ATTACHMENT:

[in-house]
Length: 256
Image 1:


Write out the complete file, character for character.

[in-house]
Length: 256
Image 1: